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HP ProBook 4530s

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      12.03.2012 12:52
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      On it's own, an average spec machine, with the HP cashback it's a steal!

      I have been in the market for a laptop for a couple of months now to replace my ageing Samsung one. I had read reviews of the HP Probook 4530s and it seemed to be getting great reviews for being a decent all-round laptop, and the arrival of HP's trade-in and cashback promotions meant I was able to get one for around £500 with the promise of receiving £250 of that back in return for my old laptop and a cashback submission.


      The laptop comes with Intel's latest generation of Core i5 processors running at 2.5Ghz - it utilises Intel's Turbo Boost technology to automatically overclock the processor to 3Ghz as it is put under pressure.

      Out of the factory it ships with 4GB of DDR3 memory, there are two slots and the supplied memory module occupies on of them allowing for easy upgrading to the supported 8GB or beyond (the machine has been seen to run 16GB with no problems, but 8GB matched pairs are not cheap at the moment)

      The display is a matt 15 inch panel which is bright and returns good image and colour quality. It is limited to 1366x768 so is by no means a HD panel, but for a mid-range laptop it does the job. The display is driven by a dual graphics option. As part of the processor chipset is Intel's 3000 HD graphics processor for low-power usage, and the option to switch to ATI's 6450M when you need a bit more grunt.

      The UK spec machine is shipped with a 640GB 5200RPM hard disk (both Hitachi and Samsung are reportedly used - mine is the former). Despite the slower spin-speed, the drive is by no means a slouch.

      And the rest... B/G/N wireless, gigabit ethernet, 3xUSB2, 1xUSB3, HDMI, VGA and CD/DVD multi-writer, HD webcam, multi-touch touchpad, SRS integrated sound.

      IN USE

      I bought my machine with the specific intention of installing Apple's OSX operating system on it. Those in the know will be familiar with the pains of installing OSX on non-Apple hardware. The draw of the 4530s is that it is compatible with OSX out of the box (providing you get the Atheros and not the Ralink wireless chipset). With the greatest of ease you can install OSX on this machine and have a fully functional "Hackbook" for less than 250 notes.

      Running along side OSX I have Windows 7 64bit (Home Premium is suppled by default but is full of bloatware so I fully recommend a clean install - HP will post you the driver and restore DVD if you ask, otherwise download the drivers from HP's website).

      My third and final operating system is Ubuntu Desktop 11.10 x64.

      Boot times are in the region of;

      OSX - 60 seconds
      Windows 7 - 50 seconds
      Ubuntu - 30 seconds

      All three OS's run like a dream, all feeling snappy and responsive whilst the laptop maintains a cool running temperature.

      I haven't played any games on the machine as yet so can't comment on graphics performance but general opinion is that you should be able to run most of the latest titles at a decent quality setting using the ATI graphics chipset.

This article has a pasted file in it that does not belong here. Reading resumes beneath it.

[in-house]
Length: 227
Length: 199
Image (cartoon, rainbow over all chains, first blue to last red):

The keyboard layout will be familiar to Apple users, as it draws upon Apple's use of the "Scabble tile" keys which make typing a breeze. It is full size QWERTY keyboard with number keypad - the only annoyance is that the arrow keys are very close together which often leads to hitting the wrong key when touch-typing.

      The touchpad is slightly offset to the left which I read is a good design technique, but it means I hit the touchpad and end up typing at the top of a paragraph if I'm not careful. The pad is multi-touch for those operating systems that support it (OSX and Ubuntu do).

      The integrated SRS sound system provides a decent level and quality of sound for a laptop, easily loud enough to fill a small room although I wouldn't use it as my primary means of listening to music or watching a film - it's just not loud enough.

      Battery life is about average - I get around 3 hours of use in Windows 7, slightly less in OSX and slightly more in Ubuntu - this is with a typical session of browsing, listening to music and such like. The battery charges very quickly so if you do need to dive for the charger it won't be plugged in too long.


      For the money, it is a lovely looking machine. The brushed-aluminium chassis give it the appearance of a machine costing twice as much.

      The ability to run OSX without the painful exercise of installing OS hacks is a dream come true for Hackintosh wannabe's - it is as easy as writing the OSX Lion installer to a USB key, running the installer and then running a driver pack which are all provided by the tonymacx86.com forum guys - it is really easy.


      The HP is incredibly easy to upgrade due to the tool-less access to the bottom bay. Simply remove the battery and slide the battery release switches towards each other and the base of the laptop comes away. From here you can easily add another memory module, change the hard disk (or add a Solid State Disk) and for those unlucky enough to get the Ralink wireless module, this can be changed here too (be warned you MUST purchase the official HP Atheros card or the BIOS will not detect the wireless card).


      As a mid-range machine, this would be "OK" but with the added draw of HP's trade-in and cashback promotions, it's a superb machine which will cost you £250 in the end (providing you have an old machine to trade in and follow the promotion terms and conditions). I'm thrilled with mine and considering I was looking at buying a MacBook, I'm glad I didn't as this does everything a MacBook can at a fraction of the price.


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